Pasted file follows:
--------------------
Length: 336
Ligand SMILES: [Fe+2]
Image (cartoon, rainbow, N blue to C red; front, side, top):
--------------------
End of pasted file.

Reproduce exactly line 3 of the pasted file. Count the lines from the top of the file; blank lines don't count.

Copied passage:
Image (cartoon, rainbow, N blue to C red; front, side, top):